EDM is a term that has only been recently coined, and is notoriously self-explanatory. Pretty much all dance music is electronic. But, we know when our cousins over the pond latch on to any subculture that we develop and bring into our own, they have to give it their own name; and unfortunately the term EDM became the fate for dance music.

The dance music scene us Brits had in the late eighties and nineties, that gave us the much-hated Public Order Act, (which to ravers at the time) was a blatant attack on house music and raves as stated in the Act itself:

“..’music’ includes sounds wholly or predominantly characterised by the emission of a succession of repetitive beats”.

The legislation was rushed through parliament after illegal raves were held almost weekly. But it could be argued that the main reason that it was pushed through was not for the farmers’ benefit, as stated by the Government. But an attack on the anti-establishmentarian mindset of the ravers at the time. It was a time before smart phones and Facebook, so when a rave was heard about, people would call each other’s house phones, before heading to the location. It must have been a beautiful time, I personally wish that I’d been around to witness and take part in such a monumental era of dance music, albeit short-lived.

Over the next few years it was obvious that the illegal raves couldn’t stay sustainable on such a massive scale due to the Public Order Act, and so the rave moved into the club. The Hacienda in Manchester was probably the best example of this, being named the Most Famous Club in the World by Newsweek magazine. Until its closure in 1997 it was the forefront of the (Acid) House scene.

Over the following few years dance music remained active, if slightly more behind the scenes. Until Skrillex. The rise of Dubstep from 2008-2010 (RIP) brought electronic music very much into the mainstream once again, especially for the people who were not listening to electronic music anyway. Skrillex, Skream and Doorly were just a few of the names that brought it into the mainstream (and also partly to blame for its figurative death).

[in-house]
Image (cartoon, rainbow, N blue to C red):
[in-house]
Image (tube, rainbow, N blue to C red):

This brings us to present day. Ibiza still being a booming aspect of the dance music industry. Many top names hold residencies over the summer. However, Las Vegas is increasingly becoming the USA’s hub for ‘EDM’ with Tiesto snubbing Ibiza for the first time in years, to take up residency there this summer. Vegas also hosts the Electric Daisy Carnival (EDC) which is one of the biggest electronic music festivals in the world.

As for the future of electronic music in general, I see it continuing to grow both in the USA and the UK, before stagnating back to mid 2000’s approach where; if you genuinely enjoy it, quality music and live shows will continue to be found, just not as easily as it seems to be currently.

Written by James Cantrill

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